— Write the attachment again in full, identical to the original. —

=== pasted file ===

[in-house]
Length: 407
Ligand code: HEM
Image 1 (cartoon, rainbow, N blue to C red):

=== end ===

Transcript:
[in-house]
Length: 407
Ligand code: HEM
Image 1 (cartoon, rainbow, N blue to C red):